Town with mountain in the background


  • 5 billion people lack access to safe, affordable surgical and anesthesia care when needed.
  • About 5.8 million people die each year as a result of injuries, or 8.6% of global mortality.
  • Nearly 1/3 of the 5.8 million deaths from injuries are the result of violence.
  • More than ¼ of injury deaths are the result of road traffic incidents.
  • Injury continues to rise in the rankings as a leading cause of death. Road traffic injuries are predicted to become the 5th leading cause of death by 2030.
  • 143 million additional surgical procedures are needed each year to save lives and prevent disability.
  • 33 million individuals face catastrophic health expenditure due to payment for surgery and anesthesia each year.
  • Provision of essential surgical procedures would avert about 1.5 million deaths a year, or 6-7% of all avertable deaths in low- and middle-income countries.
  • Investment in essential surgical procedures is highly cost-effective.
  • Measures to expand access to surgery, such as task sharing, have been shown to be safe and effective while countries make long-term investments in building surgical and anesthesia workforces.
  • Substantial disparities exist in the safety of surgical care, driven by high perioperative mortality rates including anesthesia-related deaths in low- and middle-income countries.


  • In the United States in 2018, unintentional injury was the third leading cause of death overall.
  • Interpersonal violence disproportionately affects minority populations, and homicide is the leading cause of death in young (15 to 24 years old) African Americans and second among young Hispanics.
  • Nearly 1.5 million nonfatal injuries occur among 15- to 34-year-olds, and the direct and indirect cost of these injuries is approximately $12 billion.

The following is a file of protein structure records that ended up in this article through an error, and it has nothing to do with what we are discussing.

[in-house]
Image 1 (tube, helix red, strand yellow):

• Hospital-based violence intervention has been proven to reduce injury recidivism, is cost-effective, and can be tailored to meet the needs of the local community.
  • In 2017 there were 40,231 deaths from traffic crashes in the United States.
  • Pedestrians and cyclists are more vulnerable to injury and death, and these groups are often made up of populations that are already vulnerable because of their socioeconomic status, race, and age.
  • Traffic injuries and deaths are preventable, and Vision Zero offers a roadmap for injury prevention methods that have been shown to be effective in preliminary research across the world.


  • Essential Surgery | DCP3. (n.d.). Retrieved March 6, 2015, from
    Global Health Estimates 2016: Deaths by Cause, Age, Sex, by Country and by Region, 2000-2016. Geneva, World Health Organization; 2018.
  • Mathers, C., Fat, D. M., Boerma, J. T., & World Health Organization (Eds.). (2008). The global burden of disease: 2004 update. Geneva, Switzerland: World Health Organization.
  • Meara, J. G., Leather, A. J. M., Hagander, L., Alkire, B. C., Alonso, N., Ameh, E. A., … Yip, W. (2015). Global Surgery 2030: evidence and solutions for achieving health, welfare, and economic development. The Lancet.
  • Mendoza AE, Wybourn CA, Mendoza MA, Cruz MJ, Juillard C, Dicker RA. The worldwide approach to Vision Zero: Implementing road safety strategies to eliminate traffic-related fatalities. Curr Trauma Reports. June 2017;3(2):104-110.
  • R Dicker, B Gaines, S Bonne, T Duncan, P Violano, M Aboutanos, L Allee, P Burke, P Masiakos, A Hink, D Kuhls, D Shapiro. Violence intervention programs: A primer for development of a comprehensive program for trauma centers. American College of Surgeons Bulletin October 2017
  • Weiser, T. G., Regenbogen, S. E., Thompson, K. D., Haynes, A. B., Lipsitz, S. R., Berry, W. R., & Gawande, A. A. (2008). An estimation of the global volume of surgery: a modelling strategy based on available data. Lancet, 372(9633), 139–144.
  • WHO | Injuries and violence: the facts. (n.d.). Retrieved February 10, 2015, from